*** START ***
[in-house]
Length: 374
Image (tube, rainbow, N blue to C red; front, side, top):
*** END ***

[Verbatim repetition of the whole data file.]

[in-house]
Length: 374
Image (tube, rainbow, N blue to C red; front, side, top):